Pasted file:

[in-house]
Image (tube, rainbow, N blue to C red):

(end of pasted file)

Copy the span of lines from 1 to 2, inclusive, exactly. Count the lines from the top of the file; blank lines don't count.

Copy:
[in-house]
Image (tube, rainbow, N blue to C red):